‘The measure of intelligence is the ability to change’ – Albert Einstein
Some people don’t like change, some people are scared of change but things must evolve, things must progress. Let’s face it, if there was no evolution then I wouldn’t even be writing these words, there would just be primordial sludge (now there’s a name for an extreme metal band!).
The Fierce And The Dead have embraced change in a huge way and in a way that their fans, and the wider world, would never have thought remotely possible just a couple of years ago! These self-proclaimed pioneers of ‘funny music’, one of the most influential instrumental bands of recent years have added vocals to their music, yes, I said it, vocals!! Now, if that isn’t progressive when it comes to music and a huge evolutionary step for the four guys from Rushden, then I don’t know what is but, before we delve deeper into their new long player, ‘News From The Invisible World’, let’s look back at their history…
The Fierce & The Dead are a British rock band formed in 2010. The band consists of Kevin Feazey (lead vocals/bass), Matt Stevens (guitar/keys), Steve Cleaton (guitar), and Stuart Marshall (drums). While they started as an instrumental band, Feazey has taken on the role of lead vocalist in recent years, adding a new dimension to the band’s sound. Their music is a fusion of psychedelic rock, old metal records, post-rock, prog, broken analogue synths, and shoegaze.
The 8-song, 42-minute ‘News From The Invisible World’, their fourth studio release, marks the band’s first release featuring vocals from bassist Kevin Feazey. Guests include Matt Jones (Jamie T/ Beady Eye) on keys, Tom Hunt on backing vocals (Orange Clocks), and brass from Terry Edwards (PJ Harvey/Gallon Drunk). The album has been 5 years in the making.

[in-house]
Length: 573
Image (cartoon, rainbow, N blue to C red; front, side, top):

For vocalist/bassist Kevin Feazey: “The album really digs deep into where we come from musically and sets up the path ahead, we’ve always found ways to do things differently, and now those doors are wide open. It came together over lockdown, which meant that we had a chance to take stock, see the music from a different perspective, and allow ourselves time to experiment with different textures and sounds. Adding vocals didn’t seem like a dramatic step, but something that these pieces would benefit from, it felt obvious to us.”
“We wanted to make an ambitious record like Mercury Rev and the Flaming Lips made in the late 90s, but you can hear lots of influences in there, even the Carcass and Napalm Death records we loved when we were teenagers, Slowdive and all sorts,” says guitarist Matt Stevens. “We didn’t get to tour the last record as much as we’d like due to my cancer diagnosis and then COVID, and it went bonkers, so hopefully, this one will be somewhat easier.”
I have a long history with the band, first reviewing the band’s 2013 release ‘Spooky Action’, and have followed them ever since and my role at Bad Elephant Music has meant I have been involved in a lot of their subsequent releases. However, this review comes without bias, this album is brilliant because of the music and I’m not the only one who thinks so! I must also point out the incredible artwork from the legendary Mark Buckingham.